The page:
Date & Time
Start: 04/06/18 00:00
End: 06/06/18 00:00
On 4-6 June 2018, 10 Caribbean States* gathered in CTI’s latest regional seminar held in Gros Islet, Saint Lucia, to share good practices and challenges regarding the fair administration of justice and the UN Convention against Torture and Other Cruel, Inhuman or Degrading Treatment or Punishment (UNCAT) and to enhance […]
On 4-6 June 2018, 10 Caribbean States* gathered in CTI’s latest regional seminar held in Gros Islet, Saint Lucia, to share good practices and challenges regarding the fair administration of justice and the UN Convention against Torture and Other Cruel, Inhuman or Degrading Treatment or Punishment (UNCAT) and to enhance mutual cooperation.
Together with States from other regions along with international and regional organisations, over 40 participants engaged in in-depth discussions over a three-day seminar, including five Attorneys General/Ministers of Justice/Legal Affairs. The event was jointly organised with Wilton Park.
Discussions focused on sharing good practices and challenges around the fair administration of justice, issues at the heart of the UN Convention against Torture. Sessions covered legal procedures and safeguards to prevent misuse of power by public officials in the contexts of arrest and detention; developing professional standards in policing; prison reform; ensuring the needs and interests of juveniles are taken into account during arrest, custody and interviewing situations; and the roles that monitoring bodies, the legal profession and the judiciary play in maintaining checks and balances.
The rich exchange indicated a strong commitment to the rule of law as well as interest in reforming domestic approaches to minimize risks of ill-treatment and miscarriages of justice. Head of CTI Secretariat, Dr. Alice Edwards, emphasized that “A State does not need a perfect human rights record to ratify UNCAT. Rather, UNCAT ratification and implementation are best seen as part of an ongoing journey to bring political and practical changes on the ground.” The importance of identifying the underlying causes of incidents or more systemic problems was highlighted, taking account of the legal, cultural, political, economic and social reasons that allow negative practices to persist.
The Bahamas’ Minister of Legal Affairs, Hon. Ellsworth Johnson, the newest State to ratify UNCAT, spoke to why a small country would take on the additional burden of such a UN Convention, with the international scrutiny that would necessarily be involved:
“The short answer”, he said, “is to help to make a better Bahamas: to create a society that in every aspect of life obeys and adheres to the rule of law; a society where human rights and human integrity is accorded respect; to help to create a truly civil society.”
Also speaking during the event, the Attorney General of Jamaica, Hon. Marlene Malahoo Forte Q.C., M.P., noted that:
“The decision by the CTI to reflect on frameworks and procedures to ensure effective and fair administration of justice […] recognizes that true justice cannot exist in an environment where torture and other forms of cruel, inhuman or degrading treatment or punishment are present. As Attorneys-General and Ministers of Justice/Legal Affairs we are the guardians of the human rights of all persons under our jurisdiction, including those in the custody of the State. We must recognize that justice is delivered not only in our courts, but through the entire system of law enforcement and all its procedures.”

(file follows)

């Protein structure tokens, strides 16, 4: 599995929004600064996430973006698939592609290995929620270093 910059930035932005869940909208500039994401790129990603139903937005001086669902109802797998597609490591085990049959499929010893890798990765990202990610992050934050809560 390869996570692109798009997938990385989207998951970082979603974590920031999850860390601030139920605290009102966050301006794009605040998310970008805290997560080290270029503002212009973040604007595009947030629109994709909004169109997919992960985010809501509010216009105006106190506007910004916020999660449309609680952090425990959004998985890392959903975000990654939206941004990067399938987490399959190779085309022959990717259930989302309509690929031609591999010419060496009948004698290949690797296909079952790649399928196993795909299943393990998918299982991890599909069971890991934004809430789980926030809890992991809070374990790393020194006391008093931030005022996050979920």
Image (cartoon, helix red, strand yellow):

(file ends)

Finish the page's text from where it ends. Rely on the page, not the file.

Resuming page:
Participants were exposed to the role that the Convention can play in assisting States in identifying solutions as well as to progressively improve their systems for the administration of justice. They discussed the need for a change of mindset through political and senior-level buy-in. To this end, several proposals were put forward such as: holding national consultation processes engaging the citizenry and the media; providing training and capacity-building focusing on the practical elements of implementing the Convention; appropriate recruitment and vetting procedures, promotions systems and adequate salaries for police and prison staff; clear rules on accountability, discipline and command responsibility of public officials; taking into account vulnerabilities of persons who come in contact with public authorities and in this regard, ensuring diversity within police and prison personnel; and putting in place legal and procedural guarantees to reinforce the independence of the judiciary, prosecutor and oversight bodies.
CTI wishes to thank Wilton Park for co-organising this regional seminar with us.
The welcome remarks were delivered by CTI Ambassadors HE Mr. Eduardo Bonilla Menchaca, Ambassador of Chile in Jamaica and concurrent in Saint Lucia, Antigua and Barbuda, Bahamas, Dominica and Saint Kitts and Nevis and HE Mr. Ramses Joseph Cleland, Permanent Representative of Ghana to the United Nations in Geneva.
* Participating Caribbean States were Antigua and Barbuda, the Bahamas, Barbados, Belize, Dominican Republic, Grenada, Guyana, Jamaica, Saint Lucia, and Saint Vincent and the Grenadines.
The event was also attended by CTI core States of Chile, Denmark, Ghana and Morocco, along with representation from the UN Committee against Torture, the Commonwealth Secretariat, the Organisation of Eastern Caribbean States, OHCHR, The Redress Trust and national human rights institutions/ombudsman and independent police complaints authorities. Also sharing their experiences were Argentina, Fiji, Mexico, São Tomé and Príncipe, the Seychelles, the United Kingdom and the United States.